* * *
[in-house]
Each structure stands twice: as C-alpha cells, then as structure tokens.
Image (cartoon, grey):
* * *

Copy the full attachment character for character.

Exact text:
[in-house]
Each structure stands twice: as C-alpha cells, then as structure tokens.
Image (cartoon, grey):